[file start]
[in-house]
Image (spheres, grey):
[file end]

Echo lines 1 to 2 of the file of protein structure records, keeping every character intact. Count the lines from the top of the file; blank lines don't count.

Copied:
[in-house]
Image (spheres, grey):